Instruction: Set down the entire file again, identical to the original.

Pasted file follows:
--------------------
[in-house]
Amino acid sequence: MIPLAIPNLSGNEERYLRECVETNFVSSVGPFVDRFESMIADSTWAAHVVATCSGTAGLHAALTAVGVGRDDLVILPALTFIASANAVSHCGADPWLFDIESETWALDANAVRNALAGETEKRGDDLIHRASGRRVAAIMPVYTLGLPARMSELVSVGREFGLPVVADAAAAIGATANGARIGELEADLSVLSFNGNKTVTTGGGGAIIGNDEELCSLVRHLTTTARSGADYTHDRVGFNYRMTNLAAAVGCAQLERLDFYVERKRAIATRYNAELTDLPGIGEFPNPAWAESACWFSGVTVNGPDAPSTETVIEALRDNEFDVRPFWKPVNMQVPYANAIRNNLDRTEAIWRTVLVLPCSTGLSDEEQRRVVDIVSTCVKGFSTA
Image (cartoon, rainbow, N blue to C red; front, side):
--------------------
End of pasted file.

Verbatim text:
[in-house]
Amino acid sequence: MIPLAIPNLSGNEERYLRECVETNFVSSVGPFVDRFESMIADSTWAAHVVATCSGTAGLHAALTAVGVGRDDLVILPALTFIASANAVSHCGADPWLFDIESETWALDANAVRNALAGETEKRGDDLIHRASGRRVAAIMPVYTLGLPARMSELVSVGREFGLPVVADAAAAIGATANGARIGELEADLSVLSFNGNKTVTTGGGGAIIGNDEELCSLVRHLTTTARSGADYTHDRVGFNYRMTNLAAAVGCAQLERLDFYVERKRAIATRYNAELTDLPGIGEFPNPAWAESACWFSGVTVNGPDAPSTETVIEALRDNEFDVRPFWKPVNMQVPYANAIRNNLDRTEAIWRTVLVLPCSTGLSDEEQRRVVDIVSTCVKGFSTA
Image (cartoon, rainbow, N blue to C red; front, side):